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Baden-Württemberg and its companies

Bioeconomy refers to the sustainable management of renewable natural resources, which is why there is no such thing as a bioeconomy industry in the traditional sense. However, there are companies in Baden-Württemberg that use biomass as raw material base and have already developed products and processes in their effort to act more sustainably

The energy producer badenova uses male corn plants to produce renewable natural gas (RNG). The company circumvents the food vs fuel conflict as the male plants are only used to pollinate female corn before being discarded. A company called TECNARO from Ilsfeld/Auenstein near Heilbronn has developed a technology that it uses to produce injection-mouldable plastics and fibrous materials from lignin. These materials are already being used in numerous products. The company fischerwerke has developed a wall plug that is partially produced from renewable resources. The wall plug is produced from two-component nylon, and one of the two components is produced from castor oil. Daimler AG's A-Class is equipped with an engine cover that is also produced with a plastic partially made from biological resources.

Companies not only face challenges relating to products, but also concerning innovative production processes. New methods and machines need to be developed in order to be able to use biomass sustainably on an industrial scale. This means that traditional sectors such as the mechanical engineering and plant construction sectors must be made aware and persuaded of the necessity and benefits of the bioeconomy.

BIOPRO Baden-Württemberg GmbH is specifically interested in contacting companies that are already involved in bioeconomic activities, as well as companies that wish to contribute to the development of this area. Our contact details can be found under "BIOPRO services – Contacts".

Company profiles

  • Urban agriculture - 23/04/2020

    Given the challenges faced by modern agriculture, it is vital to raise people’s awareness of how to change their approach to food. The founders of the Stuttgart-based start-up company farmee GmbH see urban agriculture as the key to making this change possible. The company has developed “alphabeet”, an app designed to encourage consumers to produce their own food. After all, only those combining knowledge and practical experience can be expected…

  • Biosensors - 09/04/2020

    Sensor networks are one of the keys to achieving digitalisation of the bioeconomy. Sensor networks are on the way to becoming important analysis and control instruments for energy-efficient and sustainable material cycles. Dieter Hertweck, Professor of Business Information Systems at Reutlingen University of Applied Sciences, shows what is already possible in digital agriculture and waste recycling and what is feasible for the future.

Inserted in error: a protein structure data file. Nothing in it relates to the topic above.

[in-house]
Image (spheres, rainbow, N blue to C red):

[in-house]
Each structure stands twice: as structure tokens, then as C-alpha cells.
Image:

Company foundations in the bioeconomy field

  • Urban agriculture - 23/04/2020

    Given the challenges faced by modern agriculture, it is vital to raise people’s awareness of how to change their approach to food. The founders of the Stuttgart-based start-up company farmee GmbH see urban agriculture as the key to making this change possible. The company has developed “alphabeet”, an app designed to encourage consumers to produce their own food. After all, only those combining knowledge and practical experience can be expected…

  • Biosensors - 09/04/2020

    Sensor networks are one of the keys to achieving digitalisation of the bioeconomy. Sensor networks are on the way to becoming important analysis and control instruments for energy-efficient and sustainable material cycles. Dieter Hertweck, Professor of Business Information Systems at Reutlingen University of Applied Sciences, shows what is already possible in digital agriculture and waste recycling and what is feasible for the future.

News of bioeconomic companies

  • Press release - 14/05/2020

    Global population is increasing, crucial resources become scarcer. Producing enterprises today have to take the right steps for a sustainable future. On their behalf, scientists of KIT study how the production process may be improved by autonomous production control, reduction of wear parts, or principles of resource-efficient production. Their know-how is presently being pooled in the new research focus “Sustainable Production.”

  • Press release - 13/05/2020

    Electronic devices are still made of lifeless materials. One day, however, “microbial cyborgs” might be used in fuel cells, biosensors, or bioreactors. Scientists of Karlsruhe Institute of Technology (KIT) have created the necessary prerequisite by developing a programmable, biohybrid system consisting of a nanocomposite and the Shewanella oneidensis bacterium that produces electrons.

Website address: https://www.biooekonomie-bw.de/en/bw/stakeholders/companies